Martin Stellar - Coach & Consultant for ethical sales and business growth

Martin Stellar - Coach & Consultant for ethical sales and business growth

Wanting Something From People VS Wanting Something for People

Had a chat with an old friend – one of the guys who used to visit the monastery. He’s in business too these days, so it was fun to chat and compare notes.

And once again, I had someone tell me “I don’t like selling”.

“I don’t like that the moment you have something for sale, it’s a nasty situation, because it means you want something from people”.

Is that true though?

Me I’ve got plenty for sale, but I don’t want anything from anyone.

I want things for other people – not from other people.

I want for readers to enjoy a daily dose of healthy business thinking.

I want for clients to get the very best of me, and for them to transform their life and their business.

And for potential clients, I want for them to make the best possible decision, whether that means working with me, or not. Both outcomes are fine, as long as the outcome is best for the person I’m talkin to.

So my friend suffers from two problems: first is the good-egg problem, where the better kind of person someone is, the more they prevent themselves from getting out there and helping people.
It’s a very common thing.

Th second problem is in his way of thinking, because:

It’s never about getting anything from people. Not for people who operate from the heart.

And, when you also sell from the heart, when you enroll because you’d truly love to work with that person and they themselves buy in voluntarily, you’re not taking anything: you’re giving.

And as long as the sales conversation goes on, you get to give them super powerful and enjoyable conversations, the kind that will help and be remembered.

And if the stars align, the other person will stop you and say ‘How do I get more of this?’ or ‘When do we start?’ or ‘Take my money!’ – all of which are things I’ve been told.

It isn’t ‘I want something from you’, it’s: ‘If you’re this kind of person, I have something for you’.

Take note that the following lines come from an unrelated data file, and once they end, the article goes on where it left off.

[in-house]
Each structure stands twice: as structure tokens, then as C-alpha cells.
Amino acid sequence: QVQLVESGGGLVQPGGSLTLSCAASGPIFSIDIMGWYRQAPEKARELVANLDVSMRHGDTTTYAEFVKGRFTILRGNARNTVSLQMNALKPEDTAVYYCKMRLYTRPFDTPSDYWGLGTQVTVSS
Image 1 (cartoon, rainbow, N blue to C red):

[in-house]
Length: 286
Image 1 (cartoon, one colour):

And when it’s ‘no sale’?

Then it wasn’t for them, at this point. But if you do it right, you’ll have had such a pleasant exchange, that the non-buyer remembers it positively, which means they’ll be happy to hear from you when you follow up.

And you never know when someone will ready themselves to buy. (hint: it’s never when we’re trying to push. that isn’t ‘being ready’, that’s ‘being coerced’).

So remember: selling the way nice people do it, is about having something for someone, wanting something for them.

And I have something for you, if you want it:

A 10-week, personal, 1 on 1 training on ethical selling.

Details here.

Cheers,

 

Martin

 

 

Permission –> Trust –> Vision –> Decision –> Sale

And, always in that order.

A potential client will only make a decision to buy, when they are good and ready – and that means, they need to *see* themselves enjoying the benefit of having bought your thing.

That’s the vision element of a sales process: getting to the point where they see the vision you have for them.

But before they’ll buy in to that vision, they need to trust you.

Unless there’s trust, they’re not going to have that vision.

And, in order to gain trust, you need to gain permission first.

Permission to explain, permission to ask questions, and, yes: Permission to ultimately ask for the sale.

And so selling in an ethical way, where you have sales conversations that people enjoy, works like this:

First, you gain permission – to explore their situation, to address objections, to discover what they need.

Do that right, and you’ll earn their trust. Trust that you’re looking out for them, that you’re not just in it for the money, and – very importantly – that your product or service is what they need, and that it’ll solve their problem.

That trust causes people to get curious, to ask you questions, and that builds a vision in their minds.